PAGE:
For most people with children, education is always at the forefront of their mind. Everybody wants bright, well-rounded children whose futures look prosperous and whose lives are fulfilled by attaining a career they would like to carry out.
Arab families indeed, given the cultural focus on the family unit, ponder the many potential familial upheavals before relocating – especially education. For high-net worth Arabs, given that they already have in place the requisite funds to afford their children the best education possible, it is a decision not taken lightly.
The Main Countries Relocated to and Invested In
Before the 9/11 attacks in New York City, the US and UK were the places most Arab students went to study for higher education. World famous institutions such as Harvard, Yale and Princeton in the US and Oxford, Cambridge and St. Andrews in the UK drew many Arab students to those transatlantic shores, however, in the wake of the attacks many decided to study elsewhere.
The reasons seem fairly obvious, the aftermath of those attacks drew, primarily, the US and the UK governments to react by declaring war on Afghanistan and later Iraq. Although other ally nations joined in, including Australia, the bulk of operations were carried out by the US with their close allies, the UK, heavily involved.
For about six or seven years post-9/11, Australia and New Zealand became a favourite for Arab overseas students. Mrs Suad Alhalwachi, Director of Education Zone, says that around 80% of the students she sent abroad went to Australia and New Zealand after 9-11 (Source: http://monitor.icef.com/2014/09/from-the-field-uae-education-sector-set-for-robust-growth/). However, after that period, a huge swing occurred, resulting in that 80% swinging back to the US and UK, with the remaining 20% being shared between Europe, Australia, New Zealand and China. This is still the case today.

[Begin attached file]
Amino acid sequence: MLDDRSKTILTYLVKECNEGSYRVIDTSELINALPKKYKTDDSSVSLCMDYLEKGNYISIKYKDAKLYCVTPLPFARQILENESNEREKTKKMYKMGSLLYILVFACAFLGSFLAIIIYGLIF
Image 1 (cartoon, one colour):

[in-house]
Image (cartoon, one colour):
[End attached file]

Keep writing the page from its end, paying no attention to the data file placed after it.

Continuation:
In terms of overseas investment for families moving themselves wholesale, it would seem that the above figures aren’t too far off either. London is obviously a huge area of investment for high-net worth Arabs and, equally, the US is a great pull for people relocating and investing. Schooling in the US and UK is traditionally good and being schooled there also makes it far easier to apply and get into the universities there, which is another obvious plus.
The Pull of the West
Alhalwachi feels that the West and particularly the US is a huge pull for Arab students given its cultural influence on young people in the region through movies.
With the US being so etched onto the brains of young Arabs, its influence is huge in attracting young Arabs looking to study overseas. But not content with their country simply influencing through cultural output, US universities appeal directly to Arab students, regularly sending delegates to Arab states to directly target them and now employing more new-fangled methods, such as social media outlets. With a more tech-mobilised Arab youth following the Arab Spring, US universities have realised the power of the medium for targeting that youth.
Spring Semester is Over
After the Arab Spring, that aforementioned tech-mobilised youth became more in touch with the World and also, crucially, came out of its shell, with young Arabs taking ownership of their own education.
Alhalwachi says that the pendulum swing from Australia and New Zealand happened quite in line with the Arab Spring. She also mentions that the young people coming to her now are way better informed on where they would like to go, using the internet as a research tool. The main point for her, though, is the confidence the Arab Spring has given young Arabs.
She notes that the young people coming to her now feel enabled, speaking up for themselves and wanting to be the final decision maker on where they go to university. So now, not only do these students’ wealthy parents have their education in their minds, but, indeed, the students do to. So now, the whole family is invested.
Education is driving wealthy Arabs overseas and, interestingly, straight to the doorsteps of supposed enemies. It shows the strength of people’s decisions in the face of political and/or media led rhetoric. It also shows the power of being a global citizen.